I like guns. I relish the solid click of a cylinder revolving as I cock the hammer on my double-action pistol. I delight in that Teutonic crispness in the action of a Browning shotgun. Working the bolt of a Remington 700 .30-06 reminds me of the power of human ingenuity in the form of clever engineering. Part of this comes from growing up in the sticks where everybody was gun literate. The rest is residue from US Army infantry training. I was taught to fear and respect firearms, and how and when to use them. I’m comfortable with weapons, but I don’t have or want a concealed carry permit. Get enough of those in circulation and we’ll be back in the Wild West. But invade our little house and you’ll hear me or the Kat sternly advise “Leave the way you came in, and you’ll live. Come closer, you die.” Then we chamber a round, and that metallic clack tells the intruder “this is serious”.
The Second Amendment appears to give Americans the right to bear arms. Still it contains that troublesome prepositional phrase “A well regulated militia being necessary to the security of a free state, the right of the people to keep and bear arms shall not be infringed.” Most of us aren’t in the National Guard, and those who are must leave their SAWs and M-4’s locked up in the armory. Outside the National Rifle Association no one questions the right of the government to regulate the type of firearm citizens may possess (no machine guns, grenades, or anti-tank weapons). But the NRA puts more fear in politicians than campaign finance reform and an informed electorate combined. Worse yet, the NRA wants a gun in every bedroom, preferably two.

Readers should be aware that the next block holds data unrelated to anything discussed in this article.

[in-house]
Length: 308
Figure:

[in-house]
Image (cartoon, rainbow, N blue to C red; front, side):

Since I became old enough to buy beer (1968) 1,517,000 Americans have died from gun violence right here in the USA. Less than 10,000 others have been killed by terrorists. In all of our wars combined we lost 1,400,000 American lives. That includes both sides in the Civil War and all soldier deaths from disease. Guns have killed more American civilians since 1968 than all our wars and all acts of terrorism against US citizens in all of recorded history. (Feel free to ask The Google.)
The USA leads the world in mass shootings. To which the NRA replies “Guns don’t kill people: people kill people.”
That’s technically true, but guns make it too easy to kill people. A lunatic with a knife or hammer can take out one or two. Give that loon an AR-15 with a couple of 30 round clips and a .40 caliber automatic, and you’ll get an Umpqua, a Columbine, a Sandy Hook, a Virginia Tech, a Texas Luby’s, a California McDonald’s, or maybe something in your town, coming soon.
Years ago, right after the U of Texas clock tower sniper, the time came to regulate firearms sales. That was 1966. To do nothing now is beyond irresponsible: it’s bloody murder.